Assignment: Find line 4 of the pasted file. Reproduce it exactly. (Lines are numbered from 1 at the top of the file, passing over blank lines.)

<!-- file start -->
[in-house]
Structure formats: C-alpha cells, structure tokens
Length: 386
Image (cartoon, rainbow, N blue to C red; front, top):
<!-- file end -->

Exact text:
Image (cartoon, rainbow, N blue to C red; front, top):